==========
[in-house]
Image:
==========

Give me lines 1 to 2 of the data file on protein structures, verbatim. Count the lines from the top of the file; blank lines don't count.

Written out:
[in-house]
Image: